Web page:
If our world were an endless highway, Greece would be the left lane. Not because Greeks have the fastest cars or they are the best drivers, but because they cannot even think about driving anywhere other than the left lane. ‘To-be-the-first-in-the-row’ is every Greek’s middle name.
Speed is not the issue. Greeks have to be in front of anyone else. At red lights, they stop their car right up to the white line, not an inch away, awaiting anxiously, counting to 12 and gunning the engine, prepared to start. Sitting next to a Greek driver is a thrilling experience. You watch him sing, smoke, shout and talk on his mobile (without using a hands-free device).
The radio is blaring, the cigarette is hanging from the left hand that is hanging out the window, and he’s shouting at his friend/wife/son/girlfriend/other drivers (never to his daughter or mother) or she’s shouting to her friend/son/daughter/mother/other drivers (never to her husband), they’re driving as if they are the only drivers on the road and, of course, they are talking on their mobile with the person they’re about to meet within the next few minutes. Greeks have names for the traffic lights. The red one is called Stamatis (a real Christian name, his nameday falls on February 3), meaning “stop the car right now”.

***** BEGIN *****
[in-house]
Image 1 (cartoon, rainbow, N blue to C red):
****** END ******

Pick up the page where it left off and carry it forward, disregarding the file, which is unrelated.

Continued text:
The green light’s name is Grigoris (another Christian name, nameday on January 25) meaning go as fast as you can”. For the Road Traffic Act, the orange light represents a step behind the red one, and means “Slow down.” or “Slowly stop your car.” or “I’ll become red in a minute. Stop your car”. For Greeks the orange light could be a shade of red, has nothing to do with the green light, but still is not exactly red.
So they just have to speed, speed, speed and try to pass along this light while it is still orange – as they really do not want to break the law!
Source: Naji Cherfan